(1) Although a claim is closed on an insurer's books and archived, and although an employee is through treating and back to work, the employee's attorney cannot "close" the workers' compensation case by asserting in a petition that the employee will never seek benefits on a particular claim. Absent an approved lump sum, an attorney may not foreclose the employee's future ability to receive benefits. Even with a lump sum, medical and rehabilitation benefits may remain open if it is an accepted case.
(2) Generally speaking, the only times "not applicable" is an appropriate answer comes when the employee is deceased, or where a lump sum occurred on an "unaccepted basis," which precludes any reason for the employee to expect further benefits to be paid.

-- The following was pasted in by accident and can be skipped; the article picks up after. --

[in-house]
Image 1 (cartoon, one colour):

(3) Lump sums settled on an "accepted" basis cause some problems because even practiced attorneys sometimes miscalculate the effect of the "excess" on the payment of their client's causally connected medical benefit. Routinely such are paid at 100 percent of the approved rate by the workers' compensation insurer; however, as the workers' compensation insurer is entitled to get a dollar back from a third-party insurer for each dollar it has paid out on the injured worker's medical benefits, under Hunter the employee may find the insurer will pay only 33.3 percent of the medical benefit (and the employee will pay 66.6 percent) until the "excess" recovery is exhausted and the insurer resumes paying 100 percent of the causally connected medical bills. This needs to be written into the agreement, and absent it the petition will not be approved. (Actual percentages may vary.)